The other side of processing is going through training and life thoughts. Perhaps you feel discouraged because of lack of progress in a certain area, but after taking time to process you realize that you are spending too much time in a certain area of training or life. I have often found when I take a step back to look over things that my discouragement is unfounded. Other times I have looked at things and realized that changing a small part of my training such as my warm up would effect my whole session in a positive way. Take time to track and process your training! Don’t walk blindly forward, take the steps to be intentional!

 

Thanks for reading, I hope you found it helpful!

 

Check me out at Youtube  and GoFundMe !

 

Training in Tough Times

Hi Everyone!

Considering how many of us are stuck at home I have decided to write a short series of posts about what I have learned about training. This will in no way be a comprehensive list, but hopefully it helps add some clarity and purpose to training, for myself and for those who need it.

I will hopefully post a few home workouts that I am doing, and some more specifics about badminton training. You can follow more of that journey on my youtube.

First off I am very blessed at the moment to still be able to train once a day at Sweaty Training.  The rest of my training I am doing at home.

Let’s talk about training in tough times. Tough times can be several different things. Tough because of circumstances – being self isolated at home due to a virus for example. Tough mentally – uncertainty due to lack of competitions. Taking hard losses recently. Even seeing the end of the season can make it hard to train like you need to.

Before we go too much farther we should define what good training looks like. Good training, or training well is training with purpose, effort, consistency, and intentionality. It means following your programs day in and day out, putting in max effort when you need to, and resting when you need to. It means showing up to training with purpose and goals in mind. I will talk more about each of those things in the following posts. But for now that is our definition of good training.

Tough times.

I would consider the current world situation a tough time for all athletes and all people. There is a lot of uncertainty about the future. People are separated physically from their support groups. And access to the regular training environments are limited.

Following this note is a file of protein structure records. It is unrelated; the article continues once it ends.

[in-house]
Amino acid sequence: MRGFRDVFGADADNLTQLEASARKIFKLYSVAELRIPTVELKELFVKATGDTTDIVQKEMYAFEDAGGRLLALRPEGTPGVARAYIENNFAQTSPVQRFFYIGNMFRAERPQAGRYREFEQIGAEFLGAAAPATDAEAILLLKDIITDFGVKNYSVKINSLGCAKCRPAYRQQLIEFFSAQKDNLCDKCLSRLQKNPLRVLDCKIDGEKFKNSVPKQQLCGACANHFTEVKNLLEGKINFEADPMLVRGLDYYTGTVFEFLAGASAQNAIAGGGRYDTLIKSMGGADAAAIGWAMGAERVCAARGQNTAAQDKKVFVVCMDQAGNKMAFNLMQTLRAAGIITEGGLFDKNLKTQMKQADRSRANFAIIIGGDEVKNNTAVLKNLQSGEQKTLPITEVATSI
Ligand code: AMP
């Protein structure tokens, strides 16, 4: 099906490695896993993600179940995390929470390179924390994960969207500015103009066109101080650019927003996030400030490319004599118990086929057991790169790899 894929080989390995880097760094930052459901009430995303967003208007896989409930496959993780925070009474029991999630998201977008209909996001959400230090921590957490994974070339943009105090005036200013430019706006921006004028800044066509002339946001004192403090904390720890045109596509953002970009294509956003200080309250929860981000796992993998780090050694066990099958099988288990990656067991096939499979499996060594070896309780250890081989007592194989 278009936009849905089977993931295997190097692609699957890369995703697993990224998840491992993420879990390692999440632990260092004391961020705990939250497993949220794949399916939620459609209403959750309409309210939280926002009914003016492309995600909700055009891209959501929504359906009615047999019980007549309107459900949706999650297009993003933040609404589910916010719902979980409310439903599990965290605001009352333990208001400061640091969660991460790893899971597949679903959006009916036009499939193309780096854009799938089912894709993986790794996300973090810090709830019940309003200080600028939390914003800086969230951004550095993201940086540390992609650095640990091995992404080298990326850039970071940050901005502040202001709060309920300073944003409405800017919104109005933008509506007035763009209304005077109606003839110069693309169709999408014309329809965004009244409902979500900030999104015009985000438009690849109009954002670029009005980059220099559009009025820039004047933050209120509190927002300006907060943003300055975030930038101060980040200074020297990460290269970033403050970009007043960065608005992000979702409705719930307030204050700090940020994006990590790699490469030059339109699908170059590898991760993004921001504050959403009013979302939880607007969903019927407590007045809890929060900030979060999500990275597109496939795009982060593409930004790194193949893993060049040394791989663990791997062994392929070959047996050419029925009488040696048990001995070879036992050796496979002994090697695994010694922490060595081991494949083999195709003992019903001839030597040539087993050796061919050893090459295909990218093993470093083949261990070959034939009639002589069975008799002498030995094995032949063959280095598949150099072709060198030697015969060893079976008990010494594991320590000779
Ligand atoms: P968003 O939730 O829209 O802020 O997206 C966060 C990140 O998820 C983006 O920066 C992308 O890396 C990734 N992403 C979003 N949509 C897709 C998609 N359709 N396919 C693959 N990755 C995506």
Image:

How do we train with purpose when there is uncertainty about every part of life, including upcoming competitions?

The answer I have come to is insanely simple. Our weaknesses are still there, no matter what is coming, and those need work. As athletes our bread and butter, our strengths, are still there, we need to keep them sharp. So the answer is, our purpose hasn’t changed. Uncertainty doesn’t change our immediate goals of improvement. If anything uncertainty allows us to narrow our vision to the very next step. To the next 1% of improvement to be made.  Don’t look too far ahead. Look at your program, the next steps that need taken, and get to work. Wether we get to compete in four weeks or fourteen the days between still need to be stepping stones towards improvement.

We know what needs done, and we know where to put our focus so that we can stay motivated on the next steps. That leads to the next question.

 

How do we train intentionally and with focus with limited access to equipment?

This will vary with every person and every situation. The core of the answer remains the same – willpower and creativity.

Willpower.

We have all heard the saying, “Where there is a will there is a way.” While an overstatement perhaps, it remains a strong sentiment that I hold to. Things are not impossible, but they may need rearranged or rethought through. For example. If you are trying to increase max strength with nothing but body weight you may find a lot of limitations. But if you are trying to increase strength to gain speed then you will find work arounds to still increase performance.

Creativity.